Tom Wheeler, F.C.C. Chairman and special counsel Gigi Sohn launched an hour-long Q & A session at 2:00 pm on Twitter today. They were reached by #FCCNetNeutrality with a summary report on the Verge late Tuesday afternoon.
The consumer uproar began in late April when F.C.C. Chairman Tom Wheeler announced proposal changes to Net Neutrality to be presented May 15 at the F.C.C. meeting. There was news regarding a two-tiered system, which raised the question if the wealthy companies would provide the content and service to the market of consumers at the cost of the younger, less capitalized firms. You were either on a fast streaming track or slower steaming track with a higher fee for the former.
If large Internet service providers (ISP) such as Comcast could charge higher fees for faster streaming service of content, it begged the question what would happen to the market of consumers at the cost of the younger, less capitalized firms. The F.C.C. and Wheeler were accused of preferential treatment by special interest groups and the consumer leading protest rallies.
Visions of big entertainment and telecommunications companies spending millions on lobbying were released to the media as concerns of all consumers and smaller technology companies as well as non-profit organizations.
As May 15 loomed closer, protestors tied up phone lines at the F.C.C. and protestors sat in the hallways at the F.C.C. waiting for the meeting this Thursday in protest of a segregation of large, wealthy providers against the disadvantage of the smaller factions providing Internet content.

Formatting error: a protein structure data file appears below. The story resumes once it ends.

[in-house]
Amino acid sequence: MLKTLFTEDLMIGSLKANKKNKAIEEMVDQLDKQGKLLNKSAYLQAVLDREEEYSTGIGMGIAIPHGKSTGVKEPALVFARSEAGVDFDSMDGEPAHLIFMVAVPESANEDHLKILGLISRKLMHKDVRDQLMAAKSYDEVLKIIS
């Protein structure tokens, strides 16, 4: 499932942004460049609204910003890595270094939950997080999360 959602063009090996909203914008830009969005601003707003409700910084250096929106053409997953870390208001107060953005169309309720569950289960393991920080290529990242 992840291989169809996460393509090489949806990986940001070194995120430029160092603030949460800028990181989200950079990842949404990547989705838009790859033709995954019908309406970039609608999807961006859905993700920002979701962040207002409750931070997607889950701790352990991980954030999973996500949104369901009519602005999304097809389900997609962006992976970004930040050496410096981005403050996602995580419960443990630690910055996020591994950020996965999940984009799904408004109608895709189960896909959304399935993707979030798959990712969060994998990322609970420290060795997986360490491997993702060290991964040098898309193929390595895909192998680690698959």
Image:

It all reached a crescendo when late Sunday afternoon Wheeler released a statement that the wording of the proposal would be adjusted for the Thursday meeting. Today, Wheeler and Sohn went to Twitter to answer questions and get out the message that the proposal concerning the fast lane and slow lane controversy and the F.C.C. proposed review would be revised.
Sohn placed a tweet response that the F.C.C. will discuss on Thursday the change in definition for broadband companies as "common carriers" subject to stricter regulation known as Title II. Other alternatives will be considered responded Sohn.
CEOs Brian Roberts of Comcast, Robert Marcus of Time Warner Cable, Lowell McAdam of Verizon, Randall Stephenson of AT&T, joined two dozen more ISP leaders to tell the FCC not to "reclassify" broadband as a Title II or same as a telecommunications service in a letter delivered to Wheeler today.
The original comment by Wheeler to review agreements between the ISP and the large and small companies is at the center of losing Net Neutrality on the Internet. What would define an agreement to be over priced and discriminatory to the competition? What guidelines would be used by the F.C.C. to maintain fairness in agreements? Would ISP companies be reclassified?
Wheeler has clarified that paid priority for faster streaming service will be deemed illegal unless justified on an individual case review. What will happen on Thursday is that if a proposal is adopted at the meeting, then there is a 60-day comment period and followed by a 60-day period for responses. The timeline for this placed it in September to finalize at a F.C.C. meeting and according to Sohn on Twitter there would be a decision by end of 2014.